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JOURNAL OF ASIAN ARCHITECTURE AND BUILDING ENGINEERING https://doi.org/10.1080/13467581.2022.2049276 Measuring the accessibility of metro stations in Tianjin: an origin-destination approach a b Tao Wu and Ye Zhou a b School of Urban Construction, Wuhan University of Science and Technology, Wuhan, Hubei, China; Key Laboratory of Electromagnetic Wave Information Technology and Metrology of Zhejiang Province, College of Information Engineering, China Jiliang University, Hangzhou, Zhejiang, China ABSTRACT ARTICLE HISTORY Received 10 November 2020 The achievement of good spatial accessibility is one of the supreme goals for metro transit Accepted 21 February 2022 planners. While many studies have measured either the accessibility of metro networks or walk accessibility of metro stations, the literature provides limited knowledge for metro station KEYWORDS accessibility evaluations integrating both in the context of the origin-destination pair. The Metro stations; by-metro present study fills this gap through the use of a set of integrated measures that consider both accessibility; to-metro by-metro accessibility and to-metro accessibility in combination and explores accessibility- accessibility; space syntax based typology among stations. The space syntax is used to conduct the measure models for each dimension (by-metro and to-metro), and typology among stations is divided by an SOM (self-organizing map). The new approach is applied to the case of Tianjin, China. We find that the by-metro accessibility declines from the urban centre to the outskirts of the city and depends mainly on the location in the metro network and the topological depth from the transfer stations. However, the to-metro accessibility varies widely and depends on the street network structure in the station catchment area. Six typologies are identified among stations based on the different characteristics of by-metro accessibility and to-metro accessibility. CONTACT Tao Wu email@example.com School of Urban Construction, Wuhan University of Science and Technology, Wuhan, 430065, China; Ye Zhou firstname.lastname@example.org Key Laboratory of Electromagnetic Wave Information Technology and Metrology of Zhejiang Province, College of Information Engineering, China Jiliang University, Hangzhou, 310018, China © 2022 The Author(s). Published by Informa UK Limited, trading as Taylor & Francis Group on behalf of the Architectural Institute of Japan, Architectural Institute of Korea and Architectural Society of China. This is an Open Access article distributed under the terms of the Creative Commons Attribution License (http://creativecommons.org/licenses/by/4.0/), which permits unrestricted use, distribution, and reproduction in any medium, provided the original work is properly cited. 2 W. TAO AND Z. YE 1. Introduction With the increase in the sustainability concerns, accessi- different understandings and interpretations of the bility becomes a central issue in the analysis of sustain- definition of accessibility, depending on the specific able transport and urban development. Enhancing application. Hansen first put forward the concept of accessibility may help reduce automobile usage and accessibility in 1959 and defined it as “potential of relieve contemporary urban and regional problems. As opportunities for interaction” (Hansen 1959). shown by many scholars that metros are the backbone Niemeier (1997) defined accessibility as the capabil- of the public transport system (Currie and Delbosc 2011; ity/ease with which desired destinations may be Hansson et al. 2021), the measures of metro accessibility reached from an original location using a particular have been the central of attraction. Steg (2003) found transport system (Niemeier 1997). In the field of that people consider travelling by train more positively metro system, accessibility is mainly explained in rela- than bus (Steg 2003). In general, the better accessibility tion to metro stations, representing people’s ability to a metro station has, the more ridership it attracts and reach destinations by metro (Van Wee 2016). the more opportunities for integration of transport with Moniruzzaman and Páez (2012) contended the ease land use. In turn, more passengers and higher land use- of reaching attractive destinations by metro system driven demand can strengthen the functionality of and the ease of entering the system are two important a metro station, thus further improving the urban spatial factors that must be considered to analyze metro structure (Cervero and Kockelman 1997). accessibility (Moniruzzaman and Páez 2012). Actually, two levels of mobility should be studied in Therefore, metro accessibility can be defined as the measuring the accessibility of metro systems. The first integration of by-metro accessibility and to-metro one is metro network mobility, or “by-metro accessi- accessibility. bility”. The by-metro accessibility means the ease of reaching other stations from a given station by the metro system. It is commonly measured by the level 2.2. Measures of metro accessibility of metro service, including headway frequency, travel Numerous empirical studies have focused on the time/distance, number of transfers, and number of methods of measuring by-metro accessibility, depend- reachable stations within a specific travel time (Ato ing on how the metro system of concern is described Xu et al. 2018; Yang et al. 2020). The second one is as a network. Two major categories of by-metro mea- the pedestrian or bike mobility, or “to-metro accessi- surement can be identified in the literature: geometry bility”. The to-metro accessibility means the ease of based and topology based (Li et al. 2017). Geometry- reaching a station from a giving location. It is generally based measures represent the geometrical structure of measured by the level of first/last mile service around transport system, including gravity method, opportu- stations, such as travel time/distance to a station, nity method, utility method and space-time method length/width of sidewalks, and intersection density (Kelobonye et al. 2019). Different from geometry-based (Lahoorpoor and Levinson 2020; Yang et al. 2020). measures, topology-based measures describe the The main purpose of this study is to purpose topological structure of transport system, and repro- a set of integrated measures that consider by- duce the spatial scale by the connection between the metro accessibility and the to-metro accessibility nodes. As passengers usually have a vague perception together in order to evaluate and classify metro of the space and distance while taking the metro, they system’s performance. To attain this purpose, the pay more attention to the number of stations passed next section will review the relevant literature on and the transfer experience between different lines. accessibility in transportation studies. In the metho- Therefore, the topological structure instead of the dology section, a set of standardized by-metro actual travel distance can better quantifies the by- accessibility and to-metro accessibility measures metro accessibility (Li et al. 2017). Zhang et al. (2011) are introduced to draw the integrated model for analysed the topology network of the Shanghai metro the accessibility-based typology. This is followed system, with each station regarded as a node and all by an empirical illustration for these concepts nodes connected according to the complex network using Tianjin metro system as a case study. The (Zhang et al. 2011). Chopra et al. (2016) analysed the last section briefly concludes. topology structure of the London metro system with the space l metric (Chopra et al. 2016). Zhou et al. proposed an improved method for topology network 2. Literature review based on space syntax and took the Guangfo metro 2.1. Definition of metro accessibility system as an example to demonstrate the effective - ness of this method for spatial morphology, evolution Accessibility, a crucial concept in the field of sustain- and prediction of metro network accessibility distribu- able transport and urban development science, has tion (Zhou et al. 2015). been used widely. Researchers have presented JOURNAL OF ASIAN ARCHITECTURE AND BUILDING ENGINEERING 3 Besides by-metro accessibility, a key focus interest accessibility has only recently begun to receive atten- for metro accessibility is to-metro accessibility, defined tion. Monajem and Ekram Nosratian (2015) found that as the ease of reaching a station by walking. The metro the continuous and dense spatial configuration of the can become the preferred transport option if to-metro street network in station areas is associated with an accessibility is improved (Bivina, Gupta, and Parida increase in the variety and intensity of activities, an 2019). To-metro accessibility is mainly influenced by increase in the workforce and better accessibility to factors relating to the design and built environment the station by attracting greater pedestrian movement (Cervero et al. 2009; Vale, Viana, and Pereira 2018). (Monajem and Ekram Nosratian 2015). A recent study These factors include travel time/distance to conducted in Tehran, Iran, investigated walking poten- a station, length/width of sidewalks, quality of side- tial by measuring spatial specifications and spatial walks, and intersection density. Hoback et al. concen- parameters of street networks around metro stations trated on travel distance and travel time to metro using space syntax and found that integration and stations (Hoback, Anderson, and Dutta 2008). choice value together affected pedestrian accessibility Olszewski and Wibowo (2005) determined that urban (Pezeshknejad, Monajem, and Mozafari 2020). design and sidewalk provisions influenced the accessi- In the past studies, metro accessibility are mainly bility to transit stations. Bivina et al. classified built modeled using a single measure, either by-metro environment factors that facilitate to-metro accessibil- accessibility or to-metro accessibility. While in fact ity into two scales: macroscale and microscale (Bivina, metro stations may have different features of by- Gupta, and Parida 2020). The connectivity of street as metro accessibility and to-metro accessibility which a significant factor that influences to-metro calling for an integrated measure considering both of Figure 1. Framework of metro accessibility evaluation. 4 W. TAO AND Z. YE them in the context of the origin-destination pair. module is described in more detail in Section 3.2. In Space syntax, one of the widely used topology-based module (b), an axis model of space syntax is employed measures, can measure both the by-metro accessibility to measure to-metro accessibility using the topology and to-metro accessibility, which is very suitable for feature of the street in the station catchment; this the development of this study. module is described in more detail in Section 3.3. By integrating by-metro accessibility and to-metro acces- sibility according to node-place model, all the metro 2.3. Accessibility-based typology stations in the study area are evaluated and classified into different typologies by the SOM in module (c); this Understanding the by-metro accessibility and to-metro module is described in more detail in Section 3.4. accessibility features of metro stations can reveal their context-specific structure. Accessibility-based typology assists in this process, as it can cluster metro stations that share common characteristics. This helps 3.1. Space syntax method policymakers and planners not only develop remedial In this paper, the space syntax analysis previously used actions to existing situation, but also formulate more by Monajem and Ekram Nosratian (2015) over spatial targeted strategies for specific station types. parameters is revised and optimized. The space syntax The node-place model, developed by Bertolini (1996, method was developed by Hillier and Hanson, and 1999) (Bertolini 1996, 1999), provides an analytical fra- a series of subsequent works has been applied to mework through which to develop a quantitative sta- urban space, street networks and complex buildings tion typology (Rodríguez and Kang 2020). The model (Hillier, Yang, and Turner 2012; Su et al. 2019). There summaries stations’ characteristics with regard to two are three basic concepts: convex space, axial map, and aspects, transit stations (“node”) and their catchment isovist field, depending on how the space is segmen- area (“place”). Based on the node and place values, ted (Noichan and Dewancker 2018). This research uses stations can be classified into five categories. the convex space method to analyse the by-metro Monajem and Ekram Nosratian (2015) has done accessibility and the axis method to analyse the to- a pioneer study by combining the node-place model metro accessibility. with the spatial configuration of the street network to The space syntax model abstracts the interrelation- evaluate and classify station area in Tehran. With ship of spaces into connection graphs (Hillier et al. reference to the notion of metro accessibility and 1976). According to the principle of graph theory, the building on the work of Monajem and Ekram topological analysis of the spatial accessibility of the Nosratian (2015), we consider by-metro accessibility axis or feature nodes is carried out, and a series of as the node value of metro stations, while to-metro morphological analysis variables are derived (Li accessibility as the place value of metro stations. et al. 2017). Accessibility of space is measured through the concepts of integration and choice of the axis or nodes. Integration plays an important 3. Methodology role in understanding how urban systems operate, reflecting the convenience of the movements from To develop and implement our integrated measures of an origin to the destination in the system (Hillier metro accessibility, the present study has three major 1998). As a result, a station with a greater integra- objectives: (a) the by-metro accessibility measure mod- tion degree in the metro network has a better ule, (b) the to-metro accessibility measure module, and chance of being chosen as a destination by passen- (c) the accessibility-based typology module, as shown gers and a better by-metro accessibility index. in Figure 1. Additionally, a station with a more integrated street As shown in Figure 1, a convex space model of network in its catchment area has better walkability space syntax is utilized to extract topology features and a better to-metro accessibility index. for the metro network in module (a). The metro net- According to Hillier (1998), choice value depicts work can be transformed into a topological graph the intervening spaces that must be passed between stations, and the by-metro accessibility is between two points or nodes (Hillier 1998). In this measured by the figure of the integration and choice regard, choice measures the through-movement degree generated by the convex space model; this Table 1. Accessibility factors and their descriptions. Dimension Indicator Explanation of indicators By-metro accessibility Network integration Metro network integration value Network choice Metro network choice value To-metro accessibility Street integration Average integration values after angular choice analysis in a 700 m catchment area Street choice Average choice values after angular choice analysis in a 700 m catchment area JOURNAL OF ASIAN ARCHITECTURE AND BUILDING ENGINEERING 5 potential of metro stations, which leads to a better map with the least and longest straight lines, and chance of by-metro accessibility, and the ease with the street network can be abstracted as a relation which a pedestrian can access/egress the station by diagram made up of the axes. the shortest path without too many turns, which As the indicators included in the to-metro acces- leads to better by-metro accessibility. sibility dimension are calculated for the radius for the area within a certain spatial threshold, the out- comes of the measure are, to a certain degree, 3.2. Model for evaluating by-metro accessibility affected by the accepted walking distance access/ egress to the station (Caset, Vale, and Viana 2018). The by-metro accessibility proposed in this paper is Our previous research showed that 600 m is the defined as the ease of passengers completing their desirable radius of walking for a pedestrian from/ trips among origin stations to destination stations to a station in Tianjin. Following Monajem and on the metro network. As passengers usually have Ekram Nosratian (2015), the local metric radius a vague perception of the space and distance while (600 m) is selected to perform angular choice ana- taking the metro, they pay more attention to the lysis, while 100 m is added to the catchment area number of stations passed and the transfer experi- size to reduce the edge effect due to cutting. ence between different lines (Li et al. 2017). To incorporate spatial indices in the to-metro acces- Therefore, the measure is specified with the topolo- sibility index, seven significant steps were performed gical structure of the metro network, and the num- as follows: ber of stations and transfers instead of actual travel 1) Gathering accurate street line data from the distance. The convex space method of space syntax Baidu map. is adopted in this paper to measure by-metro acces- 2) Segregating gathered street maps using ArcGIS in sibility. The basic principle of convex space is to the catchment area (700 m) of metro stations. divide the spatial system into the least and largest 3) Preparing the axial map based on the segregated convex shapes, and each convex shape is regarded street maps. as a node. Then, based on the connection relation- 4) Preparing a fewest-line map based on the ship between nodes, the spatial system can be axial map and processing unwanted lines if transformed into a justified graph, and the syntactic needed. variables of the spatial system can be calculated. In 5) Creating a segment map using the fewest-line general, each station can be abstracted as a node, map to analyse the angular choice. and metro lines are regarded as the connection 6) Performing angular choice analysis with a local between nodes. metric radius (600 m) to determine the street segment To incorporate integration and choice value in the quality around metro stations. by-metro accessibility index, four significant steps are 7) Determining the average integration and choice taken as follows: values in the catchment area (Table 1). 1) Segregating metro station maps using ArcGIS and importing to Depthmap software. 3.4. Accessibility-based typology 2) Preparing convex space maps with the connec- tion of metro stations. Cluster analysis is then applied to obtain classes of 3) Performing global integration analysis (Rn) to metro stations under the framework of node-place define how one node is positioned with respect to model. By-metro accessibility presents the node the system as a whole. value, while to-metro accessibility presents the place 4) Determining the integration and choice values of value. Cluster analysis facilitates the identification of each station (Table 1). the natural segments of metro stations having com- mon accessibility profiles. Among many clustering techniques, the present study employed the self- 3.3. Model for evaluating to-metro accessibility organizing maps (SOM) algorithm for three reasons. First, it is a powerful clustering tool that is often pre- Although a number of different measures of to- ferred in recent literature; second, it is more efficient metro accessibility have been suggested, the funda- for nonlinear and high-dimensional data; and third, mental idea of to-metro accessibility is to focus on there are no priori knowledge requirements (Delgado the walking environment around the station. In this et al. 2017; Li et al. 2019). Different from traditional study, to-metro accessibility refers to the ease for cluster methods such as K-means and hierarchical clus- passengers to access/egress a given station by walk- tering offering optimum clusters based on statistical ing. Given this definition, streets within the catch- inference, this method is a type of artificial neural net- ment area of metro stations are critical in assessing work inspired by how the cortical somatosensory the to-metro accessibility, and the space syntax axis areas are structured in the brain. With characteristics method is adopted. The axis method draws the axial 6 W. TAO AND Z. YE of self- orga- niza- tion, self- learn- ing, fault toler- ance and adap- tabi- lity, the SOM has pro- ven to be a very pow- erful met- hod in terms of build- ing typol- ogy for urba- con- texts (Liu, Singl- eton, and Arrib- as-Bel 2020; Qian et al. 2020- ). In the SOM met- hod, both the Figure 2. Location of metro stations in the central urban area of Tianjin. JOURNAL OF ASIAN ARCHITECTURE AND BUILDING ENGINEERING 7 Figure 3. Street network in the catchment area of Tianjin’s metro stations. input layer and output layer are composed of urban built area in 2019 (National Bureau of Statistics of China, 2020). The metro acts as the a number of neurons, and neurons in these two most essential component of the public transport layers are connected. Therefore, this study con- system in Tianjin. The Tianjin metro system is ducted an SOM analysis of two accessibility factors, China’s second-oldest rapid transport system and namely, by-metro accessibility and to-metro acces- has expanded over 30 times in terms of network sibility, as the determinants. Then, a series of SOMs length since 1984. Currently, it is a hybrid suburban- with different numbers of output neurons were commuter rapid rail transit system with a central trained, and the number was set to 6 (3*2), under underground core that covers over 217 km of which one neuron included similar metro stations. track serving 143 stations over 6 corridors. The daily average passengers reached 1.2 million. Some sections of the network have been expanded to 4. Study area Binhai New District, a new port town. For the pur- pose of this study, only stations in the central urban The present research used the Tianjin metro net- area of Tianjin were considered (Figure 2). We iden- work as a case study. Tianjin, located on the north tified 136 metro stations in the central urban area coast, is one of the four main municipalities of of Tianjin based on the metro map. China, with 15.6 million residents and 1,078 km Figure 4. By-metro and to-metro accessibility of metro stations. 8 W. TAO AND Z. YE The metro network information was downloaded the central area (CBD) of Tianjin, and the centrality is clearly established when four lines formed “口” corridors. from Tianjin Rail Transit Group Corporation Limited. Moreover, the by-metro accessibility gradually decreases The street network data were downloaded from the from the city centre to the periphery/suburb, evidencing Baidu map website. To measure to-metro accessibil- the strong monocentric urban structure of Tianjin. ity, walkable street lines in the maps were consid- Spatially, transfer stations possess higher by-metro ered sidewalks to represent the pedestrian network accessibility, reflecting their greater public transport around stations, as shown in Figure 3. Prior to accessibility, and the top six stations with the best by- performing evaluation and categorization of metro metro accessibility are all transfer stations. In contrast, the accessibility, all indicators were checked for normal- terminal stations present the lowest by-metro accessibil- ity, and all relationships followed the expected ity. The by-metro accessibility of the general stations directions. Simultaneously, following Suarez-Alvarez ranges widely and depends on their locations in the net- et al. (2012), all of the indicators were rescaled to work and topological depth from the transfer stations. In values between zero and one (Suarez-Alvarez et al. addition, the by-metro accessibility of the stations within 2012). The by-metro accessibility and to-metro the metro lines 5 and 6 loop is fairly good, reflecting that accessibility were calculated by the average of all a loop line will contribute greatly to an increase in the by- indicators referring to them. metro accessibility of the network, and overall, it presents a declining rating-circle structure. 5. Results 5.2. To-metro accessibility evaluation 5.1. By-metro accessibility evaluation The stations within the core urban area have the high- As shown in Figure 4, higher by-metro accessibility values est to-metro accessibility. There are well-integrated, were observed for the stations within the core urban continuous and dense street networks around these metro network. The metro network has evolved around stations, which leads to a better chance of walking to the metro by passengers and for more activities to Table 2. Cluster description summary. occur in their catchment area. Nanjing Road Clusters Pedestrian Street has played a positive role in improv- Indices 1 2 3 4 5 6 By-metro accessibility 0.171 0.431 0.657 0.185 0.521 0.735 ing the to-metro accessibility of stations around the To-metro accessibility 0.114 0.275 0.447 0.391 0.571 0.696 CBD. Although there is an evident difference between Number of stations 29 21 24 12 25 25 Figure 5. Accessibility-based typologies among metro stations in Tianjin. JOURNAL OF ASIAN ARCHITECTURE AND BUILDING ENGINEERING 9 city centre stations and those in the suburbs, they do Stations of cluster 4 are located on the outer area of not show an obvious decrease from the city centre to the metro network. The stations in cluster 4 have simi- the suburbs like the by-metro accessibility. lar to-metro accessibility as those in cluster 3. While Then we calculate the average to-metro accessi- they had the lowest value of by-metro accessibility bility of all stations in each line. Metro Line 1 exhi- similar to cluster 1. The by-metro accessibility condi- bits the highest to-metro accessibility value (0.69). tions of these stations are lower than they should be in With more than 30 years of operation, the infra- terms of adequately matching the travel demand aris- structure is truly good, and the street network is ing from their feature of to-metro accessibility. This well connected along the corridor. Metro line 2 requires more transportation development to meet (0.57) and metro line 9 (0.56) are just above the region-driven demand. average, while metro line 6 (0.53) is just below the Cluster 5 presents stations with well-balanced by- average. Metro line 3 (0.50) and metro line 5 (0.51) metro accessibility and to-metro accessibility. These present the worst to-metro accessibility values, with stations lie in the periphery of the inner urban area. many undeveloped areas and a lack of pedestrian The station areas are characterized by well-planned streets at the ends of these two lines. street networks and proximity to metro stations. Many stations in the northern section of metro line 1 belong to this type. With more than twenty years of 5.3. Accessibility-based typology development, these regions have well-connected streets and good infrastructure. The SOM cluster analysis is then applied among by- Cluster 6 is analogous to cluster 5 with well- metro accessibility and to-metro accessibility com- balanced by-metro accessibility and to-metro accessi- bined indices. A series of SOM with different number bility but higher values on both by-metro accessibility of output neurons have been trained and the number and to-metro accessibility. Cluster 6 includes stations is set to 6 (3*2), and the model identified six types of with the highest value in by-metro accessibility and to- metro stations. In order to interpret the distinguishing metro accessibility, and coordinated development features of these types, Table 2 reports the descriptive between transport and catchment areas is realized. statistics of the two indices for each types. Figure 5 These stations lie in the central and historic neighbour- illustrates the spatial distributions of typology for the hoods of the city and on the inner area of the metro accessibility of metro stations in Tianjin. The majority network. Although these areas are under stress, they of stations were in cluster 1 (29 stations), followed by operate at maximum efficiency. cluster 5 and cluster 6 (all are 25 stations). Twenty-four stations were classified in cluster 3, and 21 stations were classified in cluster 2. Cluster 4 comprised the 5.4. Accessibility optimization fewest stations (12 stations). Stations in cluster 1 are located in the periphery of The accessibility-based typologies distinguished in the study area and on the fingers of the metro system, this study provide valuable insights for accessibility comprising the lowest by-metro accessibility and to- oriented development. The distinctive characteristics metro accessibility scores. Some stations, such as the among accessibility-based typologies highlight that South Railway, Xiaodian, and Nansunzhuang at the the traditional one-size-fits-all approach is inappropri- ends of metro lines possess an unplanned and unde- ate and that planners, designers and policymakers veloped urban structure with few street networks. should develop a set of targeted strategies for each Cluster 2 includes stations with medium by-metro type. For instance, these stations in C2 and C3 are accessibility (slightly lower than average) but low to- characterized by high levels of by-metro accessibility, metro accessibility. These stations located not far but show lower level of to-metro accessibility. For away from the transfer stations, but lacks adequate stations in C2 and C3, strategies could therefore functional connectivity to stations by walking for local focus on increasing the connectivity of street network neighbourhoods. Establishing pedestrian-friendly street and improving walkability to match their already high networks around these stations will greatly promote the by-metro accessibility. The characteristics of stations accessibility of these stations. in C4, suggest a different set of strategies. Their to- Cluster 3 includes stations with high by-metro metro accessibility is medium, but their by-metro accessibility but medium to-metro accessibility. They accessibility is relatively low, suggesting that improv- lie between the inner and outer periphery of the city ing the transportation supply is a more logical strat- core and on the inner area of the metro network. The egy toward much balanced situation. Although transfer stations in the periphery of the core urban area characterized by lowest both by-metro accessibility mainly belong to this type. This indicates that the and to-metro accessibility, stations in C1 can consti- density and connectivity of the street network around tute proper development in the future and should be these stations should be improved to achieve coordi- given extra attention. For stations in C5 and C6, the nated development like cluster 6. existing high by-metro accessibility and to-metro 10 W. TAO AND Z. YE accessibility provide golden opportunities for the a better understanding and representation of metro evolution of sustainable balanced metro stations(Su accessibility. The similar characteristics of metro sta- et al. 2021). tions for different clusters can potentially help policy- makers develop sustainable stations by providing new strategies to balance between by-metro accessibility 6. Conclusion and to-metro accessibility for each cluster. The study has some limitations. First, in our by-metro Although there are many methods for measuring metro accessibility analysis, only the variations in network station accessibility, a comprehensive measure is often topology were considered, and other relevant variables, required in metro network planning. A single measure, such as running speed and daily frequency of metro either accessibility by-metro or accessibility to-metro, service, were not investigated. Second, the defined uncovers different aspects of the metro system charac- catchment area size may not be mutually exclusive teristics, and the results are often different, which makes because the buffers may overlap. Despite such weak- it hard for planners and decision-makers to draw nesses, this paper demonstrated a new and powerful a conclusion. With a focus on origin-destination pairs, methodology for evaluating and classifying the accessi- this paper simultaneously considered by-metro accessi- bility of metro stations based on the origin-destination bility and to-metro accessibility and proposed pair and will likely be a useful framework for other cities. a multimodal measurement to analyse the integration of metro networks and walkability access/egress to metro stations. Space syntax was used to establish mod- els for measuring by-metro accessibility and to-metro Disclosure statement accessibility. The paper also developed an accessibility- No potential conflict of interest was reported by the author(s). based typology using the node-place model and SOM algorithm to examine the relationships between by- metro accessibility and to-metro accessibility. Funding By-metro accessibility aims to evaluate the rational- This work was supported by the National Natural Science ity of the metro network layout. 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Journal of Asian Architecture and Building Engineering – Taylor & Francis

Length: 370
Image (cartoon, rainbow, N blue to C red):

Published: Mar 4, 2023
Keywords: Metro stations; by-metro accessibility; to-metro accessibility; space syntax